At a time when 20-something men are embracing vintage threads and old-school brands like Pabst Blue Ribbon beer and Old Spice grooming products, reaching into a clothing company’s storied past could be a smart marketing strategy. 

Haggar Clothing Co. is betting on it. A leading maker of men’s casual, dress, and tailored clothing—and one of Dallas’ iconic hometown brands—Haggar has begun highlighting the company’s 87-year history and its many notable innovations in the pants business. Back in 1938, Haggar coined the term “slacks,” for casual pants worn during “slack” time away from work. Two years later the company introduced the first pre-cuffed pants, which did away with the need for tailoring. In 1952, the company launched the first wrinkle-free pants, while signing up Mickey Mantle as its “Forever Prest” pitchman. And then there was Haggar’s 1970 invention—doubleknits—which pushed the company to become the No. 1 pants brand in America.

It’s a colorful history and, to CEO Michael Stitt, reconnecting with it has multiple purposes. “We are trying to energize the team and develop this entrepreneurial spirit,” he says. “I want to create an environment where people are passionate and engaged.”

Haggar_CEO-Michael-Stitt-001 MAD FOR PLAID: Stitt sports heritage plaid pants from Haggar’s spring 2014 vintage collection.

Invoking the company’s past, which is on display in posters throughout its Luna Road headquarters, reminds the roughly 170 employees in the building how dynamic the company has been since Joseph M. Haggar, a Lebanese immigrant, opened a one-room office in 1926. Within two years, he had 500 workers churning out 75,000 pairs of pants a year.

In 2005, Joe Haggar III and the company’s board sold Haggar for a reported $212 million. It now is owned by Perseus LLC, a merchant bank and private equity company, along with a unit of Pou Chen Group, a Taiwan-based shoe manufacturer. But Stitt wants to rekindle some of the old-fashioned drive and spirit that made the then-family owned business successful in the first place.

After running the company’s Canadian subsidiary for 13 years, Stitt was promoted to chief executive in April 2012, rising to his position at a time when Haggar has been stable and profitable. It has a market-leading core business in men’s dress pants, where it’s No. 1, and in casual pants, where it’s second only to Levi Strauss & Co.’s Dockers brand. Still, Stitt says, there was a sense the company could be performing at a higher level.

“When I came in I had detailed discussions with the board about setting a clear strategic direction for this company,” says Stitt, whose rapid, energetic delivery betrays just a hint of a Canadian accent. “We need to protect our core ‘bottoms’ business, in which we’re market leaders, and then find other business units that we can grow and develop.”

Toward that end, he made some changes in the executive team and has been using a hands-on approach to try to improve employee engagement and the overall workplace atmosphere. The Great Recession, which made for some lean years in the middle-market men’s clothing world, and a series of CEOs—three in seven years—had taken its toll on company morale. “Within a few months of being here I saw the results of an employee survey, and basically morale was a three or four out of 10,” he recalls. Reasons for employee dissatisfaction included “everything from pay and benefits to [not] knowing the company’s strategic direction to job security.”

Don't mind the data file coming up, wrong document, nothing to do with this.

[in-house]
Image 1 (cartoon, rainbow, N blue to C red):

Stitt approached his board and received approval for company-wide pay raises, which were given earlier this year. And rather than passing on health insurance cost increases to employees, the company absorbed this year’s hike and cut worker premiums by 25 percent. 

“For me, it has always been clear the associates drive the business,” Stitt says. “To show the team we believe in them, we also needed a well-defined bonus plan tied to [earnings]. The more profit, the more everyone’s going to share.”

Stitt “moves fast,” Zuckerman says. “His team is always on high alert.”

He also instituted a policy of being more open about the company’s financials with the company’s roughly 700 employees, including those 170 at its Dallas headquarters. Before it was sold in 2005, Women’s Wear Daily reported that Haggar had annual revenue of just under $500 million. But that figure shrank by at least a third after the company sold off its women’s business and closed its private-label division, which produced clothing on paper-thin margins for discounters such as Wal-Mart. Although he would not provide specific figures, Stitt says Haggar is on track this year to grow its top line by more than 10 percent, and to improve profitability. Also this year, he says, the company has added 85 basis points to its leading, 6.5 percent share of the men’s dress-pants market. Stitt says Jos. A. Bank Clothiers is second, with 3.5 percent.

Those who’ve worked with the Haggar CEO in the past say high-energy, high-ambition has always been his style. And he has some lofty goals for Haggar as well. “I’m not one to say, ‘The market’s growing at 2-3 percent, so we’ll do that,’” Stitt says. “I’m thinking 10, 15, 20 percent. What do we need to do to get to those kinds of levels?”

At the same time, he says, he’d like to see Haggar become the best company to work for in Dallas. A more recent employee survey showed he’s not there yet. Employee ratings have risen across the board, but some only fractionally. “It wasn’t crazy improvement, but it was meaningful,” Stitt says. “Clearly there’s more to be done. I’m a big believer in continuous improvement.”